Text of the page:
Sera Gamble Interview – The Magicians

By Abbie Bernstein

sera gamble magicians

Sera Gamble Interview. An executive producer and show runner for several seasons of SUPERNATURAL, and now, with John McNamara, she has adapted Lev Grossman’s THE MAGICIANS trilogy of novels for Syfy.

Sera Gamble loves the supernatural genre. Attending the Television Critics Association panel for THE MAGICIANS, she’s wearing a necklace that spells out the word “Witch.” This makes sense, given the nature of Gamble’s television career: she was an executive producer and show runner for several seasons of SUPERNATURAL, and now, with John McNamara, she has adapted Lev Grossman’s  THE MAGICIANS trilogy  of novels for Syfy. Season 1 is currently airing on Monday nights. Gamble is also a writer/executive producer on NBC’s AQUARIUS, which McNamara created, and which will be back this summer.

For those unfamiliar with Grossman’s books, THE MAGICIANS deals with Brakebills University, where students work in a variety of magical endeavors. The show follows Brakebills new attendee Quentin Coldwater (Jason Ralph) as he tries to find out whether Fillory, the magical realm he read of and is obsessed with, actually exists. In another story thread, Quentin’s friend Julia (Stella Maeve) learns about magic outside of the school.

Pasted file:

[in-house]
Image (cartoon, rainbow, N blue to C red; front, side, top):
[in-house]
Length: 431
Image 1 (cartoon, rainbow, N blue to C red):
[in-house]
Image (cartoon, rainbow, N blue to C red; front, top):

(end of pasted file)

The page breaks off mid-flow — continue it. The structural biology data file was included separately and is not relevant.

When told that it’s been said of SUPERNATURAL that if either of the main characters ever learned anything, the show would have to come to an end, Gamble laughs. “That’s hilarious.”

It seems like in THE MAGICIANS, the opposite is true, as the show is largely set in an institution of learning, albeit an unconventional one. Gamble says, “We are very lucky we’re doing a thirteen-episode season on cable, so we get to curse a little bit, we get a little bit more adult content, and also have a strong feeling of not diluting the story. We don’t spend much time treading water. I would say we spend no time treading water in this season, because we have so much story to tell. “